It’s fair to say that some firemen aren’t happy about this rule and feel that this tramples on their “right” to facial hair.
Sadly, for those firemen, there is no such right established under law or the constitution of the United States and as such, if they want to exercise this imaginary right, they’ll need to find another job that doesn’t involve wearing a mask.
Or they could find a fire station with a more relaxed attitude that allows a trivial amount of well-groomed facial hair that still allows for a solid seal around the mask.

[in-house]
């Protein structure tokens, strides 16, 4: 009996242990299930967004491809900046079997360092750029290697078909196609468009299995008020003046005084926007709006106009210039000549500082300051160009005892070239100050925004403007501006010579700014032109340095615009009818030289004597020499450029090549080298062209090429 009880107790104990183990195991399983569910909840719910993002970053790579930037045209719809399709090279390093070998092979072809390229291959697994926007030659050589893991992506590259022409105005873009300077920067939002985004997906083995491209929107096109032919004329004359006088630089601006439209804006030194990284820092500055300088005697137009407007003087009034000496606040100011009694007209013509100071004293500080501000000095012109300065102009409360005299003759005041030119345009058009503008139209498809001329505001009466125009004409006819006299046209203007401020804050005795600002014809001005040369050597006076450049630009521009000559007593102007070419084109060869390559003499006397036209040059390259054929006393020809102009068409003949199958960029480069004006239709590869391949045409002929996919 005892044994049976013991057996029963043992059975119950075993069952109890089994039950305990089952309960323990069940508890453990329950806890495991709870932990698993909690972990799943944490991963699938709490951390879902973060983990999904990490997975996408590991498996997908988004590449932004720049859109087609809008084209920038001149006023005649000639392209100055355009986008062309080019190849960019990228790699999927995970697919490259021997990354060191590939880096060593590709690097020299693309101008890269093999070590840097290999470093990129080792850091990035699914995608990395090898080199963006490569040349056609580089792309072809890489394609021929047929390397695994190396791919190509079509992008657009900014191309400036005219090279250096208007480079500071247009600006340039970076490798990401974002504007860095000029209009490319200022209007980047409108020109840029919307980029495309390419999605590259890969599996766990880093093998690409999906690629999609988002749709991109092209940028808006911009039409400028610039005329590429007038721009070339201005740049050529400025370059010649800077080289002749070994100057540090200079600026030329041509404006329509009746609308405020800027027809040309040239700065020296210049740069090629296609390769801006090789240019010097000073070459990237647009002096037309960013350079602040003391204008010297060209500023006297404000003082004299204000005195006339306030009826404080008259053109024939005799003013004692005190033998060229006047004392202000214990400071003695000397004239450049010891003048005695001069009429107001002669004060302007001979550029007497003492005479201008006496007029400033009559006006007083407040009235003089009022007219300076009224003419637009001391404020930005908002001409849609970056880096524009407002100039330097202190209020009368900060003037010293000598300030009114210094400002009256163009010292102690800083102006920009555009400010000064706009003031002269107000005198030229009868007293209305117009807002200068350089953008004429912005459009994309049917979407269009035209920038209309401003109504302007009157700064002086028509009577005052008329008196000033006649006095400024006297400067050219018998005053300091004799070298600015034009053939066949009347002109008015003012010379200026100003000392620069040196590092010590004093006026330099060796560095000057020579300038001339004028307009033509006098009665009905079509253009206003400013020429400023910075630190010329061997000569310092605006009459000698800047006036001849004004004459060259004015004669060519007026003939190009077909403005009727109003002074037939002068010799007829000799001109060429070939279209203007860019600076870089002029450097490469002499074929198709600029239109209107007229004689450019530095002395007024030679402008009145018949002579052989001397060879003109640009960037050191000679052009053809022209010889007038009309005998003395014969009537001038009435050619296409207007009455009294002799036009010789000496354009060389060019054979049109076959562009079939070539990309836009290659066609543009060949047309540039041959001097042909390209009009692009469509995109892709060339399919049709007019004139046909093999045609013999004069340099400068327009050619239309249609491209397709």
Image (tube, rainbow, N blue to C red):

However, there are some people who may have a better claim to a “right” to wear facial hair: those with religious obligations to wear facial hair and those with medical conditions that make shaving problematic.
The one possible exception is wildland firefighters. They are sometimes allowed to have beards as these types of firefighters generally don’t wear the same type of airway protection (SCBAs) as they are not usually practical for this type of firefighting.
Religion And Facial Hair In The Fire Service
This is an area fraught with complexity and one which is uncertain from any legal angle too. There is some leeway in the rules regarding facial hair for medical exemptions but not much, and there is none at all for those with religious beliefs.
However, there have been instances of religious groups taking their local fire service to the court regarding the prohibition on beards.